Comments on the Video

Honey Buzzards (mainly juvenile), Allen, Northumberland, 18 September 2004

Location of video

Associated stills are held with video on identification pages.

These clips were taken at a post-breeding concentration of mainly juvenile Honey Buzzards. The video was taken between 16:45-16:55. The weather was overcast and dry with a fresh W wind, having been brighter earlier. The video file holds 4 clips run together:

Clip 1: 1-20 seconds, three Honey Buzzard presumed juveniles rising up into the air, very buoyant flight on level wings. Near the end of this clip one moves with typical deep flapping flight from right to left. The wing tips go very low on the downstroke (stills 0.5,0.6). Altogether this clip shows a very fast moving situation with birds climbing up into the air and moving rapidly across the sky.

Clip 2: 21-44 seconds, one Honey Buzzard juvenile rising up against wind and then majestically gliding down in almost Golden Eagle Aquila chrysaetos style (stills 4,5) but showing a small head (still 2), thin long tail (stills 1-3) and prominent pale patch on base of primaries from above (still 6). The tail shows pale uppertail coverts with possibly 2 main bars at its terminus (still 8). The wings are very far below the horizontal on occasions (still 7). The final picture is over grassland (still 9). When gliding this bird shows the characteristic smoothly arched wing profile of Honey Buzzard.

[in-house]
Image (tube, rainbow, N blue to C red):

Clip 3: 45-63 seconds, one Honey Buzzard, possibly adult female, carrying food over wood (still 14). This bird shows a long tail (still 12) just before it loses height against the moors in the distance. The flight is very buoyant on flat wings (slide 13) and the carried item must be very light (perhaps comb). The wings are moved very deeply below the horizontal (stills 10,11). The rather provocative way in which the food is carried is typical in birds of prey with newly-fledged young: the aim is to encourage the young into activity.

Clip 4: 64-77 seconds, two birds in display-type flight, possibly the adult female carrying food being chased by a juvenile. The birds show deep flaps on bowed wings, a pale flash on outer underwing and agile flight (stills 15-19).

The sound track has been suppressed on the video file as distributed but can be re-activated through Windows Movie Maker. There is much wind noise, even with windshield on, and you can hear a few inconsequential comments from the observers! The birds only called once during this spell of activity, giving the typical trisyllabic flight calls.

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© Nick Rossiter 2005